Walkathon for ending inequity in education
Kathmandu, December 25
Teach For Nepal is organising its 2nd annual charity walkathon tomorrow with participation of over 1,000 youths.
TFN is a movement of university graduates and young professionals, who are committed to ending education inequity in Nepal. TFN today said the walk is being held with the aim of demonstrating the hardships faced by students in rural Nepal.
Children in rural parts of the country have to walk for hours to reach their schools, while many are still deprived of education.
The event also aims to raise awareness about the need for improving quality of education in public schools and to generate resources required to support the movement. Over 1,000 college students and young professionals have pledged to donate Rs 1,000 each for the cause.
Commencing from Bhrikuti Mandap’s south gate, the participating youths will pass through Shahid Gate, New Road, Basantapur, Chhetrapati, Thamel, Keshar Mahal, Durbar Marg and Old Buspark before converging at Bhrikuti Mandap.
Axe Band, selected college students, TFN fellows and some of their students will entertain the audience with musical performances during the closing ceremony.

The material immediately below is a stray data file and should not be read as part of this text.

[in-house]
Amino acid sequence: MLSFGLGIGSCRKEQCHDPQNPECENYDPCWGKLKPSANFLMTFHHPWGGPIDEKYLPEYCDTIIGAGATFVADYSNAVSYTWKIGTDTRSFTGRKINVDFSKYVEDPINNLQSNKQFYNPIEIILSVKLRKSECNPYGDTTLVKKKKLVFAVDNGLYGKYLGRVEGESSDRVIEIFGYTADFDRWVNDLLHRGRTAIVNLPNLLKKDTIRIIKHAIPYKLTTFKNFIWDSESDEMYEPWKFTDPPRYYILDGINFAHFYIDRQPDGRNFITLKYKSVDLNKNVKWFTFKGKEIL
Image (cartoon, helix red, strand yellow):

CEO of TFN Shisir Khanal remarked, “The general idea of the walkathon is to make people aware about the hardships of students who have to walk for hours to reach their schools.” He added that the walk is a symbolic gesture that TFN is committed to walking together with the kids.
Prajwal Khadka, Coordinator of the walkathon, shared that many youth in the capital are not aware that students in rural Nepal have to walk for hours daily to reach their schools. Khadka informed that about Rs 1 million will be raised from the event, which will be used for providing stipends to five TFN fellows for a year.
“TFN Walkathon is thus a solidarity walk that aims to make each individual aware that no children, regardless of their socio-economic status, should be left behind and that they should have access to same opportunities and choices as those who go to private schools.”